ICT4me is an afterschool and summer youth-based curriculum for middle school youth to develop Information Communication and Technology (ICT) fluency, interest in mathematics, and knowledge of ICT careers. ICT4me is a problem-based curriculum that capitalizes on youth interest in design and communication technologies and incorporates performance tasks for ICT fluency assessment.
What is ICT? Information Technology is the study, design, development, implementation, support or management of computer-based information systems. ICT professionals perform a variety of duties that range from installing applications to designing complex computer networks and information databaess.
Why youth? Women constitute 46% of the U.S. workforce but hold just 27% of computer science and engineering jobs, with minority women holding roughly 7% of these jobs. Fundamental obstacles to youth entering the technology and engineering workforce today are the value they place on these careers and their interests in technology and engineering topics. Providing youth with opportunities to experience the value of these careers through role models; engage in activities that connect their interests to technology and engineering; and experience success in these activities are powerful motivators for persisting in male-dominated ICT careers and developing their ICT fluency. Through their participation in ICT4me:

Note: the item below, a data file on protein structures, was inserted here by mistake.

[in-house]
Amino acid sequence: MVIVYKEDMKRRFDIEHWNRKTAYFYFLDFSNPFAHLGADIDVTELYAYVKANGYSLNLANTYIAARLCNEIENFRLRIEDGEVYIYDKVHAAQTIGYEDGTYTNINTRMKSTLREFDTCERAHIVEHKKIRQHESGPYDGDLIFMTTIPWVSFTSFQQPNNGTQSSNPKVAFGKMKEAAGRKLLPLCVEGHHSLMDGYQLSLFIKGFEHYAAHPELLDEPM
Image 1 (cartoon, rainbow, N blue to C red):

In ICT4me, middle school youth explore and tinker with existing information technologies (e.g., web-based tools, collaboration tools, wireless and mobile devices) and create some of their own information technologies using simple programming tools. Throughout ICT4me's afterschool and summer sessions, youth use the design process and experience user-centered and participatory design methodologies within a variety of information technology development projects. Each unit of ICT4me integrates information technology, computer science, design, and mathematics that engage youth. Participants interact with women ICT professionals in a varitey of careers to encourage youth to consider an ICT career. Embedded in the curriculum are technology fluency tasks that require the youth to demonstrate in specific performances what they are learning to themselves, their peers, youth development leaders, parents, teachers, and the larger community.
© 2013-2016 SRI International. 333 Ravenswood Ave. Menlo Park, CA 94205. Produced by the Center for Technology in Learning at SRI International with support from the National Science Foundation under Grant Nos. 1339181, 1232461, and 0524762. Any opinions, findings, conclusions, or recommendations expressed are those of the authors and do not necessarily reflect the views of the National Science Foundation.